“I’m functioning as if I’m not retiring. And I have to (tell) my mind like, Okay, you need to start shutting things down. You need to start cleaning up your office, you know, and kind of throwing stuff out,” Barbara Mellion said.
Mellion has been working in multiple positions at Berkeley High School since 1980. Currently, she is the district registrar, where she “(fulfills) multiple roles at Berkeley High, primarily as the custodian of student records.” However, after 43 years of working at BHS, Mellion plans to retire before the spring semester.
Mellion’s current job as registrar has both technical and social aspects. She handles transcripts for the whole school and former students both electronically and via physical copies. According to Mellion, “it gets kind of tricky, a little bit … I have to combine the two of them together and make it work.” Mellion has continued to adapt to changing systems, and has had to shift from manual transcript records to online transcript records.
“I think it’s really good that we are on (a) computer system, and we’re trying to figure it out now with the transcripts to have a third party because we have so many students that request transcripts,” Mellion said.
Meeting with staff and students is another huge part of her job. If she receives a transcript from a student recorded in a different language, she will have to meet with the student to help translate the transcript so she can put it in BHS records.
Mellion is also in touch with counselors to keep them informed about students’ credits and if they are on track to graduate. “I’ve worked hand in hand with the counselors on that, and it makes it more cohesive to work that way,” Mellion said.
The primary goal of the registrar is to make sure that students who are in BHS or those who have graduated have accurate records for transcripts. This is extremely important for students applying to jobs, colleges, or other opportunities. According to Mellion, “We upload that information to them or mail it to them, or however they’re requesting it to be sent out.”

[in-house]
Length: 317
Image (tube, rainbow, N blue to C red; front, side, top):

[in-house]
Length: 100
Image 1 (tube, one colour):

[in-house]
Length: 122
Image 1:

Beyond this, she irons out any mistakes in the records, such as the system falsely reporting that a student didn’t graduate when they did. “We’ve had several systems since I’ve been here, so the codes don’t always translate to the newer system. So there’s that research to verify, and a lot of times it takes a while because you have to manually evaluate that transcript,” said Mellion.
Mellion is inspired to support, guide, and assist students on their academic and life journeys. Mellion wrote in an email that she “finds satisfaction in translating transcripts from other schools into our BHS system and engaging in conversations with students.”
In these conversations, Mellion finds significance in deepening her connection with students and thus broadening her perspectives on students who come from many different places. Mellion said, “Actually, I get to know the students obviously, and I tend to bond a little bit because they’re coming in from different countries … so it’s nice to know what other countries do and what the expectations are compared to the expectations here. So I just kind of like talking with the students about that.”
After she retires, she plans to spend more time working on her notary business. “I just recently took a course and got certified to do estate planning and trust. So I’m working with attorneys to do estate planning and trust, and that’s another job in itself. (But,) I’ve been working since I was 14, so that’s what my body knows to do is to work right now,” Mellion said.
She also plans to spend more time gardening or relaxing by the koi pond built by her son. In addition, she hopes to travel, with plans to go on trips in-state, like Napa, or elsewhere, like Hawaii, France, or Italy. According to Mellion, “There’s so many places in California … that I have not visited … (I want to) do a little more exploring.” Ultimately, for Mellion, free time is a significant upside of retirement, allowing her to do “whatever else (she) wants.”
She acknowledges that she has a strong connection to Berkeley, and is proud of her dedication and hard work throughout her career. Many others are recognizing Mellion as she leaves BHS, including other staff and students who constructed a wall of appreciation notes for her. “I remember the first time I met with you, and you made me feel warm and welcomed,” one note read.
Mellion wanted to appreciate all the support she’s been given as she’s left. “(The) clerical staff really surprised me and they honored me this whole week; it’s heartfelt to me and that made me feel really good and I still feel good about it, and I just want to give them kudos,” Mellion said.